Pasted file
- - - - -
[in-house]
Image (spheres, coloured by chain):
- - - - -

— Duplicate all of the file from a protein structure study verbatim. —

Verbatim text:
[in-house]
Image (spheres, coloured by chain):